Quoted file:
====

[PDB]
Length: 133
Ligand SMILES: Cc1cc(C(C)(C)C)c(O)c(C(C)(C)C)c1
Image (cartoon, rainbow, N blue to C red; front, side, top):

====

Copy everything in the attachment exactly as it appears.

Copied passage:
[PDB]
Length: 133
Ligand SMILES: Cc1cc(C(C)(C)C)c(O)c(C(C)(C)C)c1
Image (cartoon, rainbow, N blue to C red; front, side, top):